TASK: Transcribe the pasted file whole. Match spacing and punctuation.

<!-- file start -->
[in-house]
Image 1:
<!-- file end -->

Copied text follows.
[in-house]
Image 1: